Funny, but after 35 years and thousands of clients and transactions, I can come up with more than that quite easily.

Being a real estate agent is more than taking a few courses, passing a test, getting a license and waiting for the phone to ring at a big office.

It is a business and that means you are there to make money while helping others obtain their objectives.

Always do the math meaning don’t do a $20 drive by appraisal for that company that hints at future listings as they typically don’t come and if they do, they are a lot of work for a fraction of what it takes to make a profit.

Don’t take the listing on the ugly house that the guy says he has an appraisal for $1.8 million when your comps can’t get it to half of that (turned that one down 6 years ago and it is on agent number 5 now).

Think twice on focusing on corporate referrals as over the years, their cut has gone up, the commissions have gone down and the requirements have gone up making it very difficult to be profitable and they are as loyal as alligators.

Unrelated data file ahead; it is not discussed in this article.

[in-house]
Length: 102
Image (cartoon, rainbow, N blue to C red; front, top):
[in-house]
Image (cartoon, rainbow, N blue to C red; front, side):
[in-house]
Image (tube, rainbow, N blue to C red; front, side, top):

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The material provided here is for informational purposes only and is not intended and should not be considered as legal advice for your particular matter. You should contact your attorney to obtain advice with respect to any particular issue or problem. Applicability of the legal principles discussed in this material may differ substantially in individual situations.

While the Texas Association of REALTORS® has used reasonable efforts in collecting and preparing materials included here, due to the rapidly changing nature of the real estate marketplace and the law, and our reliance on information provided by outside sources, the Texas Association of REALTORS® makes no representation, warranty, or guarantee of the accuracy or reliability of any information provided here or elsewhere on texasrealestate.com. Any legal or other information found here, on texasrealestate.com, or at other sites to which we link, should be verified before it is relied upon.